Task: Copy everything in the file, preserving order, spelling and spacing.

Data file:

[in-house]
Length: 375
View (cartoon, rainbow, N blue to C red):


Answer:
[in-house]
Length: 375
View (cartoon, rainbow, N blue to C red):